English Final Exam

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English Final Exam
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English Final Exam Rhetoric for Contemporary Students
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  1. Why did the ancients start with the Fable and the Tale progymnasmatas when they taught rhetoric?
    They began with exercises that required the simplest composing skill, adding on to those skills to build up to more difficult tasks.
  2. Which of the following is/are true statement(s) about the role of rhetorical exchange in American democracy?
    Americans should utilize rhetorical exchange as a way to make important decisions in their communities, so that rhetorical exchange is necessary to the quality of American democracy.
  3. What does participation in productive argument require?
    Each party is willing that their beliefs may change during the exchange.
  4. What are the three types of intrinsic proofs, according to Aristotle?
    ethos, pathos, logos
  5. True or False.
    In his campaign for the presidential election, the former governor's advertisements focused on portraying his good standing with the community leaders, his faithfulness as a husband, and his superior parenting skills as a father. This is an example of an intrinsic proof, specifically an ethical proof or "ethos."
    True
  6. True or False.
    Rhetors seldom argue from a simple list of facts.
    True
  7. True or False.
    In her speech, Susie used facts from a research study done on the negative effects of alcohol on the human liver as a proof to support her proposition that prohibition of alcohol should be reinstated as a federal law. This is an example of an intrinsic proof.
    False
  8. True or False.
    Ancient rhetoricians believed that language, or words, represent thoughts and clearly convey the thinking of one person to another.
    False
  9. True or False.
    Because ideologies construct the image you have of your "self," or your identity, a person's ideology cannot be changed.
    False
  10. A rhetorical situation in which the people who are involved disagree about something; also "proof".
    Argument
  11. A fictional story meant to teach a moral lesson.
    Fable
  12. An interpretive framework used to make sense of an array of data or knowledge; also "ideology".
    Network of Interpretation
  13. The context of a rhetorical act; minimally made up of a rhetor, an issue, and an audience.
    Rhetorical Situation
  14. Proof that is found in the issue or the case.
    Logical proof (logos)
  15. Put the parts of a fully-developed Chreia (progymnasmata) in sequential order, as suggested by the textbook.
    • Step 1G. Encomium, or praise for author
    • Step 2D. Paraphrase of Saying
    • Step 3B. Causes/Reasons for Saying
    • Step 4H. Contrast
    • Step 5C. Comparison
    • Step 6E. Example
    • Step 7A. Testimony
    • Step 8F. Epilogue
  16. When applying kairos to a rhetorical situation, a rhetor selects the most appropriate argument, based on __________.
    the audience's opinions and the timeliness or urgency of the issue.
  17. True or False.
    Amplification can help a rhetor make an argument more relevant or up-to-date.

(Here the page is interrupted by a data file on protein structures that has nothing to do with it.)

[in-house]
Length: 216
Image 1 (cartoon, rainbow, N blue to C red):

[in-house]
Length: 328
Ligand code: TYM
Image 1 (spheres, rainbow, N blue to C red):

True
  18. Which of the following statements is/are true about how kairotic analysis prepares the rhetor to discuss an issue?
    • a. Kairotic analysis will illuminate which communities' interests are at stake in these issues.
    • b. Kairotic analysis readies a rhetor to speak to the power dynamics at work in an issue.
    • c. Kairotic analysis helps align the rhetor's arguments with the needs and values of the audience.
  19. Kairos is a "window" of time during which rhetorical action (or discourse) is most advantageous. Rhetorical situation is the context of rhetorical action (or discourse), minimally made up of the rhetor, the issue, and the audience. Given these two definitions, what is ONE relationship between kairos and rhetorical situation?
    Kairos identifies the timeliness of a conjunction of rhetor, issue, and audience that make up a rhetorical situation.
  20. True or False.
    Students use the Tale as progymnasmata to practice "bare" narrative structure; students use the Chreia as progymnasmata to practice modifying a narrative for a particular rhetorical situation (amplifying).
    True
  21. True or False.
    Students use Chreia as progymnasmata, or writing exercises, to practice modifying their writing to meet situational constraints (amplification).
    True
  22. True or False.
    Kairos, as a means of invention, creates a heuristic specific to the issue's relevancy in time, community, and place.
    True
  23. True or False.
    Amplification, modifying arguments to meet situational constraints of a particular rhetorical situation, is the practical application of kairos, which identifies the arguments that are suitable for a particular rhetorical situation.
    True
  24. Greek term meaning the right time, opportunity, occasion, or season.
    Kairos
  25. A discourse that praises someone or something.
    Encomium
  26. A progymnasmata in which the rhetor elaborates on a famous event or saying; also a brief saying always attributed to a specific person.
    Chreia
  27. Any system of investigating issues.
    Heuristic
  28. The ancient art of saying a great deal about very little.